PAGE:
The Fire Question

Yet for all that, the rewards of Android are high. The “community” is growing rapidly. Price is a huge factor. You pay a lot less for a Samsung, HTC or LG Android device than for an iPhone. There is a greater danger of malware getting into such an open environment however, and one reads scary stories. But generally speaking, Android offers you all that is needed. A very small number of users update to the latest version of the Android OS, which is surprising and foolish and a cause of some surprise in me. Maybe it’s just that I’m so fanatical about having the latest update of every app, let alone every operating system…


So it comes down to which model you like. Most people seem to like Samsung. Samsung is a huge company, not as big as Apple yet, but getting there. Moreover, until recently at least, Samsung Electronics were primarily a component manufacturer. Apple and all the big players are major customers for Samsung’s products. They are, weirdly enough, the world’s second largest chip builders and the world’s second largest ship builders. True story. From silicon chip to frigate and ship. Talk about a wide portfolio. Gossip is, speculation says, people are saying … (tell it not in Gath)  it would be in Samsung’s interests to design their own OS. Yes! To be like Apple, to design the devices and the OS that runs perfectly on them. Google and some of the smaller Android OEMs might well sleep uneasily in their beds…  Word is Samsung already have a prototype OS well into development. Certainly, if I were head of Samsung it’s what I’d set my team to work on. Full integration. In the beginning Palm showed that it worked. Apple has shown it works. Blackberry showed, in its heyday, that it worked. Windows on the other hand showed that not being in control of hardware but providing general software for a range of third party OEMs emphatically did not work. So they scratched their heads and came up with the compromise that is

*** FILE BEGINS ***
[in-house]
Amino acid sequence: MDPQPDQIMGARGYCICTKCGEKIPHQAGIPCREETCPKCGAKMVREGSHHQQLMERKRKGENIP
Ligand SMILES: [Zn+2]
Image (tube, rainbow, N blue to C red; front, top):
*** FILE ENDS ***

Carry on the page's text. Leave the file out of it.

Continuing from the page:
Windows Phone

I like Windows Phone. I was there for its British launch and I applauded the guts with which MS admitted how far from the path of good design and delivery they had strayed with their atrocious early forays into the field. Windows 8 replaced the original 7 (much to the dismay of Nokia who had invested quite a lot in the first two Lumia devices that couldn’t be upgraded to 8 ) and is a fine option as your preferred smartphone OS. You get seamless integration with your Xbox (which was the only good hardware that Microsoft had ever come up with at this point, the brilliant Kinect being its crowning glory) you get little tiles that bristle with info and updates and notifications, and you get a stern Apple like SDK which means developers can’t muck around with its APIs and ways of behaving too much. Some people take to it instantly, others find it a bit cumbersome in some areas. Give it a week and you’ll get used enough to want to keep it, I reckon. The Nokia and the HTC 8x are both excellent. There’s something cheery and optimistic about them. Just about all the apps you’d want are there, as well as the business end of things with SkyDrive and Office and all that sort of howd’youdo.


So we come down to the BlackBerry which was launched today. I’ve been lucky enough to have had one for a little while to play with and I am very impressed. Everyone knows how high the stakes are for BlackBerry (formerly known as RIM or Research in Motion) – their share of the market has been falling and unless they can coax back some users it is generally regarded that they will be toast. Gobbled up by Lenovo (who gobbled up IBM, the original and biggest and most unassailable name in computing there ever was, but whose ThinkPads are now made by the Chinese giant) or gobbled up by someone else. Gobbledytoast, that’s what the wiseacres are predicting if BlackBerry doesn’t get this one right.

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